Brooklyn Assemblyman Dov Hikind is calling on Mayor Bill de Blasio to tear out a marker on Manhattan’s ‘Canyon of Heroes’ bearing the name of Henri Philippe Petain, the leader Nazi-occupied France—two days before French voters decide whether to elect as their next president Marine Le Pen, whose National Front party has historically sympathized with the World War II-era puppet regime.
Petain’s name is among more than 200 others embedded in granite along Broadway in the Financial District, a commemoration of those celebrated with a ticker-tape parade down the famed thoroughfare in years past. Petain received that honor in 1931, in recognition of his crucial command of Allied forces in World War I, particularly at the Battle of Verdun.
Nine years after that cavalcade, Petain became the ruler of the collaborationist Vichy Regime after Adolf Hitler’s forces defeated France—and the marshal implemented numerous racialist and anti-Semitic policies, and oversaw the deportation of more than 75,000 Jews to Nazi camps and killing of unknown thousands of others.
“This is called the Canyon of Heroes. This guy was no hero. This guy was a horrible, horrible person who cooperated with the Nazis,” Hikind, whose parents survived Auschwitz and Bergen-Belsen, said in a phone interview with the Observer.
The Orthodox Jewish lawmaker said prying out the flagstone would have a special resonance before the impending French election. Le Pen’s party includes numerous individuals prosecuted for racist commentary and Holocaust denial, and she herself has falsely asserted that Vichy forces had no role in rounding up French Jews.
The controversial French politician is the daughter of National Front founder Jean-Marie Le Pen, who himself has downplayed or dismissed the historicity of Nazi gas chambers. The current candidate expelled her father from the party two years ago in an effort to rehabilitate the National Front’s image.
“The fact that we’re talking about this two days before the election in France, where you have this woman running, the head of a party, who has a tremendous amount of anti-Semitism, Holocaust denial,” Hikind said. “There’s still an element in France that wants to deny that they had anything to do with it.”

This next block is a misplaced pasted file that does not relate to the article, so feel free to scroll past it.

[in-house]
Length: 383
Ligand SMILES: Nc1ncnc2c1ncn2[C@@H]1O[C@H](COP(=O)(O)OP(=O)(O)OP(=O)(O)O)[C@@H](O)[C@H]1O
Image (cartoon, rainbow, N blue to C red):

“We have an opportunity to send a message: we will rip that out, because the kind of hate that was part of Vichy France, we don’t forget,” he continued.
Marine Le Pen officially stepped down as leader of the National Front last month following the first round of voting in the French contest, a move widely viewed as an attempt to appeal to mainstream voters. She faces a steep uphill contest against the liberal Emmanuel Macron, who leads in most polls.
Hikind argued the city should go ahead and remove the Petain memorial even given the possibility of a Le Pen victory.
“I don’t think we have to be worried about anti-Semites and racists in France,” he said.
The assemblyman admitted that the Canyon of Heroes is also paved with the names of other questionable and controversial figures, including the aviator Charles Lindbergh, who made anti-Semitic remarks and accepted a government medal from Nazi leader Hermann Goering. However, Hikind argued Petain’s crimes outweigh those of any other personage immortalized on the sidewalks of Broadway.
De Blasio’s office did not immediately respond to requests for comment.
After the Allied victory, French authorities convicted Petain of treason and sentenced him to death. But Free France leader and President Charles De Gaulle commuted that sentence to life imprisonment, given the marshal’s advanced age and military service.
Petain died in 1951.